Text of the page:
Starbucks Chairman and CEO Howard Schultz addresses the "Race Together Program" during the Starbucks annual shareholders meeting March 18, 2015 in Seattle.
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Surprisingly little can be solved with an empty chair

Updated

Former Starbucks CEO Howard Schultz, eyeing an independent presidential bid that polls show would help re-elect Donald Trump, participated in a Fox News forum yesterday and fielded a question on immigration. Schultz began by arguing that George W. Bush’s reform plan failed because Democrats were “unwilling to provide the president and his party a victory.”

That was demonstrably false. It was Republicans who killed the Bush/Cheney plan. Don’t take my word for it; look at the numbers: most Democratic lawmakers voted for Bush’s proposal, while most GOP lawmakers voted against it.

In other words, the very first point Howard Schultz tried to make on the issue was plainly wrong. Why he didn’t better prepare for the event is unclear.

The independent went on to announce his opposition to a border wall, while endorsing a pathway to citizenship and heightened border security, effectively endorsing the entire Democratic vision without explicitly saying so.

Schultz went on to argue:

“It is a crisis, but it can be solved. It cannot be solved currently, because of the ideology of both parties. But if I was fortunate enough to become president, this is what I can promise you. I’m about accountability, I’m about results.

“I would bring the people in to the room. I would say, ‘You cannot come in here with ideology or ego.’ What I want to do is I want to put an empty chair in the room, and that chair represents the American people. And we’re not going to leave the room until we solve the problem for the American people.”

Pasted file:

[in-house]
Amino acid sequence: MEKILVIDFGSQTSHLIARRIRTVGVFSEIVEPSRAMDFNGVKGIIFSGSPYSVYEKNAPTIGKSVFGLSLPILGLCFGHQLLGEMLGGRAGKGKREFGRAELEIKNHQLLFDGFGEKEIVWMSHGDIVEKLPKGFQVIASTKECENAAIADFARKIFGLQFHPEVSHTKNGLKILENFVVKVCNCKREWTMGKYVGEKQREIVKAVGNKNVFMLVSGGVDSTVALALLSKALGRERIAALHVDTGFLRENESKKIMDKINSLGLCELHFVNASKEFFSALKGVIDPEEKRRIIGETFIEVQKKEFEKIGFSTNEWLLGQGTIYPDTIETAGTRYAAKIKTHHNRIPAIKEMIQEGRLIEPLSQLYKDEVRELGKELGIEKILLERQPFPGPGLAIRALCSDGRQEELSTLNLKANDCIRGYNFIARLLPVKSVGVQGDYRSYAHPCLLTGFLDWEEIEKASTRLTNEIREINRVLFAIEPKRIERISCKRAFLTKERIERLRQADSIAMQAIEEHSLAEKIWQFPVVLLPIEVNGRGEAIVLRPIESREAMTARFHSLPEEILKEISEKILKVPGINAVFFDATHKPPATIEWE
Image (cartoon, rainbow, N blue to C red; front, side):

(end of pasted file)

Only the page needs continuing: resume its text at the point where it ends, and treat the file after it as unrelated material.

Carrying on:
The role of empty chairs in recent political history is far from glorious. Clint Eastwood tried to debate an empty chair at the Republican National Convention in 2012, and he somehow managed to lose. House Republicans did a photo-op with empty chairs during their 2013 government shutdown, which backfired badly.

Schultz’s vision, alas, is no better.

The whole idea that a well-intentioned president can solve complex problems by “bringing people into a room” – without or without an empty chair – is a fantasy embraced by people detached from the realities of federal policymaking.

Indeed, three years ago, another inexperienced businessman with no record of public service delivered an eerily similar message. “You’re supposed to cajole, get people in a room, you have Republicans, Democrats, you’re supposed to get together and pass a law,” the candidate said in 2016.

That candidate, of course, was Donald Trump – who’s discovered that this model is woefully inadequate.

On Tuesday, former HUD Secretary Julian Castro unveiled a detailed, comprehensive immigration reform plan. Love it or hate it, Castro’s blueprint is detailed, bold, and ambitious, and can serve as the basis for a meaningful national debate.

Two days later, Howard Schultz shared his own vision for immigration reform – which is apparently built on the metaphorical use of an empty chair.

One of these approaches is emblematic of a serious way to seek the nation’s highest office. One isn’t.